Advocacy group Free Press said in an FCC filing in August 2017 that Sinclair forces its TV stations to “air pro-Trump propaganda and then seeks favors from the Trump administration.” Sinclair has previously denied the charge that it is biased in favor of Republicans, and did not immediately respond to a request for comment on Thursday.

The White House did not immediately comment on the McGahn call.

Pai agreed to turn over a written summary of the conversation to Senator Richard Blumenthal, a Democrat.

Last week, Tribune terminated the deal and sued Sinclair for breach of contract, claiming the rival TV-station owner mishandled efforts to get the transaction approved by taking too long and being too aggressive in its dealings with regulators.

Sinclair, the largest U.S. broadcast station owner with 192 stations, said last week it would no longer pursue the Tribune merger and denied Tribune’s allegations.

Reporting by David Shepardson; Editing by Frances Kerry

Encouraged by online sales, Nordstrom raises full-year profit forecast

(Reuters) – Upscale department store Nordstrom Inc (JWN.N) saw its shares soar as much as 14 percent in after-hours trading on Thursday, after reporting better-than-expected quarterly same-store sales growth, as more people shopped at its online stores.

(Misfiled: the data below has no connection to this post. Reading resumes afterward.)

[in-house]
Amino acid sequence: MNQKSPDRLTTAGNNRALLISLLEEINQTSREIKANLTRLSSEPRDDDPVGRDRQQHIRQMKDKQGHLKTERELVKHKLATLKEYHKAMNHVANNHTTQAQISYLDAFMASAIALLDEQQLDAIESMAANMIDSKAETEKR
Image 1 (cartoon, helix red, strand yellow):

For 2018, the Seattle, Washington-based company expects an adjusted profit of $3.50 to $3.65 per share, compared with its previous forecast of $3.35 to $3.55.

Nordstrom managed to report upbeat results despite the problems in the broader retail sector, which has suffered from fast-changing fashion trends and discount-hungry shoppers who favor buying online.

In large part, analysts said, the results showed Nordstrom successfully boosted online traffic and transactions by promoting blowout sales on social media and making the in-store and online purchasing processes more frictionless for shoppers.

Earlier on Thursday, J.C. Penney Co Inc (JCP.N) shares sank below $2 for the first time after it said it had alienated core middle-aged customers while chasing millennial buyers, and the venerable brand forecast an unexpectedly large loss.